Purpose: This paper aims to analyze the attributes of Ponzi schemes (“Ponzis”) to determine whether they are a unique class of financial fraud. Design/methodology/approach: The authors apply the disposition-based fraud model to classify and differentiate the attributes of Ponzis. This classification exercise helps comprehend the distinct drivers of Ponzis. Findings: Fraud risk factors of Ponzis are different from those involved in other financial frauds. Four propositions about risk and risk mitigation measures are developed. Research limitations/implications: The research approach used is conceptual, not empirical. However, the insights from this exercise should inform how different Ponzis are from other financial frauds and why they should be treated as a separate class for prevention and enforcement. In turn, this may trigger an interest in empirical research focused on the unique risks of Ponzis. Practical implications: Knowledge of risk factors unique to Ponzis will permit a consideration of customized risk mitigation measures to prevent or detect Ponzis. Enforcement actions can also become more effective because of a distinct risk-based classification of Ponzis. Social implications: The prevention of damage from Ponzis hinges upon how well prospective victims are educated to become aware of signs of Ponzis. This should lead to the more effective protection of investors from victimization from Ponzi schemes. Originality/value: The implicit understanding that all financial frauds are alike and that the risk-factors involved are substantially the same across all classes of fraud is challenged. This revelation opens opportunities to add value through focused research on Ponzis as a distinct class of fraud.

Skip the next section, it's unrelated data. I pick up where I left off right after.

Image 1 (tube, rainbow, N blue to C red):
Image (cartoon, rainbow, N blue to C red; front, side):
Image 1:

All Science Journal Classification (ASJC) codes
- Economics, Econometrics and Finance(all)